A pillar of Victorian rectitude who would have perished on a scaffold before wearing trousers, MARY HENRIETTA KINGSLEY (1862–1900) preferred palm oil traders to politicians, cannibals to missionaries. Although she spent much of her life caring for her invalid mother and doing research for her mostly absent explorer father, she received no formal schooling. When both parents died, the 30-year-old spinster set out by herself for West Africa. Trading rum, gin, and fishhooks to finance her expedition, she befriended native guides and pioneered a route to the summit of Mount Cameroon. She trudged through swamps of chest-deep fetid water, never complaining about the stench or the heat. It was not until she arrived in Africa that Kingsley felt truly at home. Displaying a Doctor Doolittle-ish rapport with animals, she communed with hippos, tickled an elephant with an umbrella, and scolded a pushy alligator by beaning him on the snout with an oar. (These encounters are immortalized in Don Brown’s children’s book, Uncommon Traveler.) She became an astute proto-ethnologist, a wry entomological observer, and the namesake for three species of fish — all while attired in full Victorian garb. (“You have no right to go about Africa in things you would be ashamed of at home,” she said. Thanks to the “blessings of a good thick skirt,” she remained unharmed after falling into a spike-filled pit.) Travels in West Africa, Kingsley’s vivid and self-deprecating chronicle, was an 1897 bestseller. She volunteered to serve as a nurse in the Boer War, but within two months of arriving contracted typhoid fever and died. Before returning to her beloved Africa, she concluded her final lecture at the Imperial Institute: “Fare ye well for I am homeward bound.”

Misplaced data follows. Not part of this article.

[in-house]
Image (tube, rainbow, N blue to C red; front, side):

ADVENTURERS as HILO HEROES: Katia Krafft | Freya Stark | Louise Arner Boyd | Mary Kingsley | Bruce Chatwin | Hester Lucy Stanhope | Annie Smith Peck | Richard Francis Burton | Isabella Lucy Bird | Calamity Jane | Ernest Shackleton | Osa Helen Johnson | Redmond O’Hanlon | Gertrude Bell | George Mallory | Neta Snook | Jane Digby | Patty Wagstaff | Wilfred Thesiger | Joe Carstairs | Florence “Pancho” Barnes | Erskine Childers | Jacques-Yves Cousteau | Thor Heyerdahl | Jean-Paul Clébert | Tristan Jones | Neil Armstrong
READ MORE about members of the Plutonian Generation (1854-63).